By Umaru Kashaka
KAMPALA - Justice and constitutional affairs state minister, Freddie Ruhindi, has called on the ministry of health to expedite the tabling of a Bill that will regulate the proliferation and operation of traditional doctors and herbalists in the country.
He appeared before the parliamentary committee on gender over a petition of the former students of the International School of Uganda against child sacrifice and ritual murders of children on Thursday.
Ruhindi wondered why the health ministry was still dragging its feet and yet Cabinet approved the Bill.
The spirit of the Bill is to sieve out quack practitioners from the genuine health workers, and also bring to an end the rampant increase of ritual murders often fuelled by wrong prescriptions by the quacks.
The practice of witchcraft is illegal in Uganda and any person who practises witchcraft or who holds himself or herself out as a witch, whether on one or more occasions, commits an offence and is liable on conviction to imprisonment for a period not exceeding five years.
“You should summon the health minister (Dr Ruhakana Rugunda) here to explain why he has not yet brought the Bill to parliament. We don’t need a new law, but the existing law (Act enacted in 1957) is problematic to implement by the Constitutional Court because it’s impossible to prove that one is a witch. This Bill will make the existing law enforceable,” Ruhindi said.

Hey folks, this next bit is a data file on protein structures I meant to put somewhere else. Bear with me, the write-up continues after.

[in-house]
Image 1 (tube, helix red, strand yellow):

Traditional healers smoke pipes during a meeting of traditional healers and herbalists in Jinja at Busoga Kingdom headquarters in Bugembe town council in 2011. PHOTO/File
The deputy Director of Public Prosecution, Amos Ngolobe, explained to MPs that the limited Police funding had curtailed efforts to speed up investigations into child sacrifice and other murder cases.
The leader of traditional healers in Uganda, Sylvia Namutebi also known as Maama Fina under her organization ‘Obuwangwa n’eddagala lyaffe’ recently said the current Witchcraft Act lumps them together with witches, yet their work is different in nature.
“The cases of child sacrifice have been tagged to traditional healers on several occasions but our practice does not allow us to spill human blood but animal sacrifice,” she said.
The MPs said that the killing of children for ritual sacrifice, with their organs removed presumably for use in magic charms is fuelled by witch doctors, but the current laws seem not to be tough enough to deal with the vice.
“The current Act was enacted by the colonial government and is old and outdated. It’s not specific, thus creating loopholes that are being exploited by the criminals,” noted the committee chairperson the Nakasongola Woman MP, Margaret Komuhangi.
In April, a new Police Annual Crime and Road Safety report showed that homicide cases as a result of ritual murders increased to 12 cases in 2013, from 11 cases in 2012.
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